WOLA: Advocacy for Human Rights in the Americas
2 Sep 2015 | Commentary | News

On Assault Weapons, States and Private Companies Lead the Way

By Clay Boggs

On August 26, Wal-Mart, the U.S.-based retail giant, announced that it would no longer sell semiautomatic assault weapons. This move is a major blow to the arms industry in the United States, which has invested heavily in developing and promoting assault weapons, as the Violence Policy Center explained in its 2011 study The Militarization of the Civilian Firearms Market. It is also a step forward for public safety in the United States, where these weapons have been used in high-profile shootings, including the 2012 killing of twenty schoolchildren and six adults at Newtown Elementary School, and in Mexico, where they are the weapons of choice for dangerous criminal organizations that terrorize communities and openly confront Mexico’s security forces.

See also: Gun-Running Nation: How Foreign-Made Assault Weapons are Trafficked from the United States to Mexico and What to Do About It

It is not entirely clear why exactly Wal-Mart made this decision. What is clear is that Wal-Mart has done a good thing. Taking assault weapons off the shelves of the leading bricks-and-mortar retailer in the country proves that action to reduce gun violence is possible, despite congressional inaction at the federal level. (Indeed, gun violence prevention advocates have also had success in pressuring major chains to prohibit guns on their premises.)

President Obama has said that the failure to pass gun laws has been the biggest frustration of his presidency. But there is no need to wait for Congress to act; Wal-Mart’s move is only the latest effort to reduce gun violence in the United States even as Congress stalls. In addition to private companies, many state governments have taken matters into their own hands. Since Newtown, 37 states have passed laws to strengthen gun regulations, and, despite the lapse of the federal Assault Weapons Ban in 2004, seven states now have their own assault weapons bans.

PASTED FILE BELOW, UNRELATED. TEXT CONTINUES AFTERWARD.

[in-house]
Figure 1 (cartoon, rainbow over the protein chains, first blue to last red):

There is also more that the president can to better enforce the laws that are already on the books. As WOLA and the Violence Policy Center noted in a recent report, Gun-Running Nation, current law provides the president legal authority to restrict the importation of firearms that are not “particularly suitable for or readily adaptable to sporting purposes,” without the need for congressional approval. Two former U.S. presidents, George H.W. Bush and Bill Clinton, recognized that imported semiautomatic assault rifles are both lethal and popular among criminals. They therefore conducted reviews of firearms imports, in 1989 and 1998, in an attempt to tighten import restrictions. Following each review, the firearms industry adapted its practices to comply with the letter of these regulations while defying the regulations’ spirit and continuing imports.

The Obama administration should develop and implement an annual review of guns currently imported to determine which guns are truly sporting weapons and which ones are not. This would help keep those trying to enforce laws one step ahead of those who are putting dangerous guns in the hands of criminals, both in the United States and in Mexico.